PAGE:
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This article was published on April 21, 2021

Pepper the robot has been talking to itself to gain your trust

"Inner thought" could improve robot-human interactions

Pepper the robot has been talking to itself to gain your trust
Thomas Macaulay
Story by

Thomas Macaulay

Writer at Neural by TNW — Thomas covers AI in all its iterations. Likes Werner Herzog films and Arsenal FC. Writer at Neural by TNW — Thomas covers AI in all its iterations. Likes Werner Herzog films and Arsenal FC.

Talking to yourself has a bad reputation, but it doesn’t always mean you’re going mad. Studies show that thinking out loud can help you manage your emotions and complete tricky tasks — and it isn’t only humans who are doing it.

A group of Italian researchers recently programmed Pepper the robot to “think” out loud so that users can understand what influences its decisions. They suspected that this would improve its interactions with humans.

They tested their theory by asking people to set a dinner table with the robot according to etiquette rules.

They found that the robot was better at solving dilemmas when it used self-dialogue.

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When one person asked Pepper to breach the code of etiquette by placing a napkin on a fork, the robot used “inner voice” it analyzed the request. Pepper concluded that the user might be confused but followed their instruction:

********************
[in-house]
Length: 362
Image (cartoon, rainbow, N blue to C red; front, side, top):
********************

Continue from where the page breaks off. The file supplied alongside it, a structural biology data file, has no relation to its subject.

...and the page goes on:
Ehm, this situation upsets me. I would never break the rules, but I can’t upset him, so I’m doing what he wants.

By using self-dialogue, Pepper let the user know that it had solved the predicament by prioritizing the human’s request.

The researchers say this form of transparency could build our trust with robots. They also believe it will help humans and droids collaborate and find solutions to dilemmas.

“Inner speech could be useful in all the cases where we trust the computer or a robot for the evaluation of a situation,” said study co-author Antonio Chella, a professor of robotics at the University of Palermo.

There might be one problem, however. If a robot‘s constantly talking to itself, users might prefer to sacrifice some of its performance for a bit of peace and quiet. Pepper is gonna need a mute button.

You can read the research paper in the journal iScience.

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